Strike Reports, 1922, 1932-1964. (29 boxes) Grouped by labor dispute and arranged thereunder chronologically by date of disturbance. Contains strike duty reports prepared by State Police officers, along with interdepartmental teletype messages relating to labor disturbances in industries ranging from coal and hosiery to construction and steel. Also included are annual Departmental manpower utilization reports that provide statistics on the use of officers for strike duty between fiscal years 1938-1950. Information found in the strike reports may differ with each reporting officer, but usually includes the date and the name, title, and address of the officer to whom the report is being sent; the subject of the report; a brief synopsis of any police activity; a short account of the officer’s observations; a record of mileage; and the signature of the reporting officer. The annual strike manpower reports provide, for each month, the number of strike days, the number of police dogs, the percentage of time spent on strike duty, and the average number of men used. In addition, the total number of police dogs, the number of strike days, the average number of men per day, the percentage of time on strike duty, and the average number of days on strike duty per month are calculated for each year. The manpower reports are frequently accompanied by related reports such as an annual list of industrial disturbances, a record of boarding and lodging, and a monthly report of the number of men from each troop involved on a daily basis on strike duty. Examples of reports and correspondence relating to African Americans are:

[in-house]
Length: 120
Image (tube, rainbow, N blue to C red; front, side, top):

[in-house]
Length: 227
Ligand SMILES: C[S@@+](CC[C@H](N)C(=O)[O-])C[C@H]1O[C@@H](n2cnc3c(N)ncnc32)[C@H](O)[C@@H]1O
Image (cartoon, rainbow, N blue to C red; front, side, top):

• A Special Report, dated April 29, 1922, concerning racial threats and retaliation investigated by State Police agent #607 at Orient Station pertaining to a riot at Tower Hill No. 1. According to this report, "upon my arrival in Orient I noticed many men and women about who appeared to be enraged and were very loud in their talk, making many threats about what they intended to do to the State Police and deputies about. In conversation with a party named Spaike, he stated that the people, especially the foreigners, were either going to cripple or possibly kill a colored deputy named King, who is doing deputy work in this vicinity."
• Correspondence concerning a race riot at the Philadelphia Transportation Company in August 1944. During the month of August, the emergency troops of the various squadrons were mobilized to suppress this riot. Among this correspondence is a memo dated August 1, 1944 that contains the following text: "telephone call received by commissioner from Major Henry, . . .I thought I would call and let you know in Philadelphia all trolleys, buses and elevators are down this morning. Today is the day the colored people are supposed to go on as operators, motormen and conductors, and everything went out this morning." Included in this correspondence are statements issued by the National Association for the Advancement of Colored People (NAACP) and Philadelphia Mayor Bernard Samuels.
Diary and Photographs of Wallace K. Keely, 1905-1949. (1 volume, 3 photographs) Arranged in chronological order. A personal scrapbook of State Police Officer Wallace K. Kelly, who served with the force from 1906 to 1940. The diary has newspaper clippings, postcards, and photographs of state troopers as well as "mug" shots, biographical profiles, and background information pertaining to criminals and cases involving the State Police, with emphasis on the activities of Troop C which was headquartered at Pottsville, Pennsylvania. The "mug" shots are usually accompanied by descriptive cards that provide the name, residence, occupation, race, age, height, weight, hair and eye color, and build of the person; the date and place of arrest; the nature of the crime (date, place, means, object); the date and time of the crime; and the names of any associates, places frequented, or peculiarities that might make apprehension of the person easier. Included in the diary is a photo and information on Newton Young, alias Frank Johnson, an African American who was arrested June 3, 1921.